Burying your head in the sand is not advisable. Interest, plus the premiums on the mortgage and homeowners insurance, will continue to accrue until the loan is paid, and missing the deadline means foreclosure and a higher chance of exiting the transaction empty-handed.

If the loan isn’t repaid by the deadline and no extensions are granted, the lender is required by the U.S. Department of Housing and Urban Development (HUD) to begin foreclosure proceedings to recoup what it’s owed.

To avoid any unnecessary headaches, it’s best to keep in regular contact with the servicer of the loan and inform it right away of any difficulties you may be facing. Communication could buy you more time and a bit more leniency.

When the letter is ignored and the deadlines aren’t respected, the foreclosure process will be initiated as soon as possible to recoup the funds owed. If you speak up, you may be given some wiggle room. A 90-day extension can be granted to those who ask for it and lenders are generally willing to show a little more patience if it’s clear that the recipient of the letter is actively seeking a solution.

Can a Reverse Mortgage Be Paid off Early?

Yes. A borrower can choose to pay off a reverse mortgage at any time.

Can Heirs Walk Away From a Reverse Mortgage?

Heirs can wash their hands of a reverse mortgage by providing the lender with a deed in lieu of foreclosure. Choose that option and they won’t need to find ways to raise the funds themselves, as the lender will take care of selling the house to cover the loan.

Taking that path will save the heirs time and hassle, but it could prove to be detrimental financially. If they were to sell the property themselves, they might get a better deal and pocket something extra.

Can You Sell a House That Has a Reverse Mortgage?

Absolutely. However, if you do sell the house, the reverse mortgage will become repayable, placing you on the hook to pay off the loan balance as well as any associated interest and fees.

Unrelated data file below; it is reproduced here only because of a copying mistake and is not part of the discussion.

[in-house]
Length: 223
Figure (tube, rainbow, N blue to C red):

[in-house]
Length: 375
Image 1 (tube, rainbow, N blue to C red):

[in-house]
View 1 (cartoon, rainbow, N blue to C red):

Can My Heirs Inherit My Home if I Have a Reverse Mortgage on It?

It is possible for your heirs to keep the home, but to do so they must pay off the loan balance or pay 95% of the home’s appraised value, whichever is less.

Article Sources
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  1. Federal Deposit Insurance Corporation. “Reverse Mortgages: What Consumers and Lenders Should Know," Page 1.

  2. Consumer Financial Protection Bureau. “When Do I Have to Pay Back a Reverse Mortgage Loan?

  3. U.S. Department of Housing and Urban Development. "How the HECM Program Works."

  4. Consumer Financial Protection Bureau. “What Should I do if I Have a Reverse Mortgage Loan and I Received a Notice of Default or Foreclosure?"

  5. Consumer Financial Protection Bureau. “What Are My Responsibilities as a Reverse Mortgage Loan Borrower?

  6. The National Reverse Mortgage Lenders Association. “Settling the Loan Account.”

  7. Consumer Financial Protection Bureau. “You Have a Reverse Mortgage: Know Your Rights and Responsibilities,” Pages 4, 12.

  8. Consumer Financial Protection Bureau. “You Have a Reverse Mortgage: Know Your Rights and Responsibilities,” Page 12.

  9. The National Reverse Mortgage Lenders Association. “Reverse Mortgage FAQs,” Select "Payoffs: Q: Can I pay off my reverse mortgage before a maturity event is reached?"

  10. Consumer Financial Protection Bureau. “If I Have a Reverse Mortgage Loan, Will my Children or Heirs be Able to Keep my Home After I Die?